MINISTER of Foreign Affairs and Immigration Fred Mitchell in the House of Assembly.
By AVA TURNQUEST
Tribune Chief Reporter
FOREIGN Affairs Minister Fred Mitchell yesterday brushed off questions about his turnaround in position on the need for a constitutional amendment to remove discrimination based on sex.
In his arguments against the 2002 referendum, Mr Mitchell suggested that a referendum on gender equality was unnecessary because Article 15 of the Constitution already prohibited discrimination based on sex.
Excerpts of a speech Mr Mitchell - then in opposition - gave at the Fox Hill Parade on February 13, 2002 made its rounds on social media yesterday; however, when contacted for comment the Fox Hill MP said he had already spoken extensively on the matter.
“We are being deceived by the assertion by the government and Mr (Hubert) Ingraham that this referendum will settle issues of gender equality,” Mr Mitchell said in his 2002 Fox Hill speech.
“But the fact is that if you read Article 15 of the Constitution, it is clear that the fundamental rights provisions apply to all, regardless of sex or gender.
“If that is the case, and we know that it is, one must ask: Why is the prime minister dragging us through the expense of this general election?”
Yesterday, Mr Mitchell dismissed questions about his change of mind, saying, “With the greatest of respect, I don’t respond to foolishness.”
“Those who are circulating that old speech need to go get a life and while doing so vote ‘yes’ to the four questions as I shall be doing. I am doing door-to-door every day and telling my constituents to vote yes to all four questions.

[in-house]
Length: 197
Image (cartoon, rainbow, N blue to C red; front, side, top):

“The asinine trolls on social media can take the hindmost. I put it politely because I am a public official. If I were on the park I would really tell them what they should do. You wouldn’t be able to print it.”
In a statement released later, Mr Mitchell said the old speech was being circulated by Free National Movement and Democratic National Alliance supporters.
The Progressive Liberal Party, then in opposition, campaigned heavily against 2002 referendum that dealt with gender equality among other issues.
In February 2002, after voting for the constitutional amendments in the House of Assembly, PLP Leader Perry Christie later withdrew his support for amendments to the Constitution and said if the referendum wasn’t cancelled or postponed he would be forced to vote “no.”
At the time, Mr Christie said that since the passage of the constitutional bills, it had become “painfully” apparent from private and public comments that the entire process was even more flawed and divisive than he could have fully appreciated at the time the bills were voted on.
He said he changed his mind on the referendum because the Ingraham administration did not consult with religious leaders before forging ahead.
The referendum ultimately failed. The PLP was voted into office after the May 2002 general election.
In 2012, Prime Minister Perry Christie defended his first administration’s decision to block the 2002 referendum although his government planned to bring the issue forward for a public vote this term.
He said his party disagreed with the process surrounding the 2002 vote, not the substantive issues.
Mr Christie added that his government’s decision to hold the referendum this term was not motivated solely by Bahamian public opinion, but growing international concerns of the country’s policies.
Several vote no campaigns have also pointed to Article 15 in their arguments against the fourth constitutional amendment, which seeks to remove discrimination based on sex.
Former Court of Appeal President Dame Joan Sawyer also pointed to the provision when she told The Nassau Guardian that she thought the upcoming referendum was a “waste of time” and that she would vote against it if she casts a ballot.